Quick Take: Japan is moving forward aggressively to become a major global player in smart grids and smart cities. As you will read in the story below, it has four major smart city projects, all with a significant smart grid component. But Japan also has dozens of additional smart city initiatives underway around the country. And a robust Japan Smart Community Alliance organization that links industry, academia and policymakers.
Japan was a smart grid laggard until the Fukushima nuclear disaster. Now it is full speed ahead on smart grid projects that will let it substitute renewable energy and demand response in place of electricity from reactors. And on the expansion of smart grids into smart cities. - Jesse Berst
While Japan has been working on building smart cities since 2010, the earthquake, tsunami and resulting nuclear plant meltdown pushed those efforts into high gear with multiple trials and projects in a range of smart grid-related areas, from demand response to EV charging, according to an article in Sustainable Business.
The Japanese government has been pushing initiatives in Yokohama, Toyota City, Keihanna Science City and Kitakyushu, as well as other locations around the country. While the projects certainly are heavy on technologies, the overall intent is to provide a healthy economy, sustainable growth and an environment with a high quality of life for citizens. And citizens are expected to take a hands-on role in smart cities development, as this excerpt outlines:
"Each of these projects is varied and diverse, with some considering energy and others considering EVs. However, the main aim should be to consider the lifestyles of the citizens, which in the end will determine the form the cities should take. Smart cities are not something that should be tackled by just governments and corporations and then presented to residents. The general public must also be actively involved in sharing their own ideas and helping to formulate the cities by throwing their wisdom into the pot."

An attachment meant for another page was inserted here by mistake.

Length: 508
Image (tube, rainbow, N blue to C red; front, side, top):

The Yokohama project recently embarked on a demand response deployment at six large commercial buildings to test the effects of drawing power from storage batteries and energy efficiency measures. Toyota City is examining keeping the lid on power demand increases as multiple EVs are charged, and the project also involves the use of battery storage and an energy management system. Part of the Keihanna project is evaluating the use of parked EVs as storage batteries combined with recycled EV storage batteries to reduce power demand from factories. And Kitakyushu is conducting a dynamic pricing trial with residents as part of its Smart Communities Creation Project.
Updates on these projects are available at the Japan Smart City Portal. The country is sharing the projects and their results through the portal to help city planners elsewhere with their own smart cities work.
Jesse Berst is the founder and chief analyst of Smart Grid News.com, the industry's oldest and largest smart grid site. A frequent keynoter at industry events in the U.S. and abroad, he also serves on advisory committees for Pacific Northwest National Laboratory and the Institute for Electric Efficiency. He often provides strategic consulting to large corporations and venture-backed startups. He is a member of the advisory boards of GridGlo and Calico Energy Services.